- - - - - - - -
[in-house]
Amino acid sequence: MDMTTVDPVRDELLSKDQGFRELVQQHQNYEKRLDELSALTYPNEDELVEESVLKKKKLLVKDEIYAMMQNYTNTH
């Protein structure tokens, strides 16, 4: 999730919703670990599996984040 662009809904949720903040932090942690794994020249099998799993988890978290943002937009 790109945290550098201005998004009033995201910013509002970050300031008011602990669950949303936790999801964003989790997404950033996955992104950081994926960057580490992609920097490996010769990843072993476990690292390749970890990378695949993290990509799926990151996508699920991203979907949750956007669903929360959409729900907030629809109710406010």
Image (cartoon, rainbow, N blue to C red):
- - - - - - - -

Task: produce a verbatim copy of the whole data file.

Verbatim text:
[in-house]
Amino acid sequence: MDMTTVDPVRDELLSKDQGFRELVQQHQNYEKRLDELSALTYPNEDELVEESVLKKKKLLVKDEIYAMMQNYTNTH
């Protein structure tokens, strides 16, 4: 999730919703670990599996984040 662009809904949720903040932090942690794994020249099998799993988890978290943002937009 790109945290550098201005998004009033995201910013509002970050300031008011602990669950949303936790999801964003989790997404950033996955992104950081994926960057580490992609920097490996010769990843072993476990690292390749970890990378695949993290990509799926990151996508699920991203979907949750956007669903929360959409729900907030629809109710406010």
Image (cartoon, rainbow, N blue to C red):